The blog “Discard Studies” which focuses on waste, pollution and externalities published a special issue last month on Discard, Diverse Economies, and Degrowth. The series considers the relation of waste to the growing movement for rethinking prosperity, as we like to call this line of work. The series is an example of the type of depth we might anticipate as the discussion on new economic models for planetary boundaries matures. Here’s a quick introduction to a few items you will find in the series:
Why Discards, Diverse Economies and Degrowth
Josh Lepawsky and Max Liboiron use language mapping tools, similar to those employed by researchers at Rethinking Prosperity to explore the relationship of the terms degrowth, diverse economies, and waste specific to the academic literature. While the concepts are intimately related, the discussion between the fields remains immature.
An Ethnics of Surplus and the Right to Waste
Liboiron explores the concept of dépense, one of the key words in Degrowth: A Vocabulary for a New Era. He lands on the idea of an ethics of surplus, that wherein social relations between people and things can subsist without growth, there must be some purposeful waste. In doing so he see the logic and values of a whole economic system turning on its head.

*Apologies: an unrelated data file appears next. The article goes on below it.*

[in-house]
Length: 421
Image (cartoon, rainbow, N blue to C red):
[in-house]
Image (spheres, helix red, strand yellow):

Exchange and Refurbish: Practicing Decoloniality through Rethinking Discards and degrowth
Erin Arujo looks into the colonial history of waste and the potential for accepting that there are many ways of wasting – and the implications for understanding the current ecological crisis given this idea. Arujo explores how decolonialist approaches may have a beneficial relationship for minimizing throughput.
Read more on the Discard Studies Blog
Image: Network analysis of academic articles on degrowth and their keywords By Josh Lepawsky.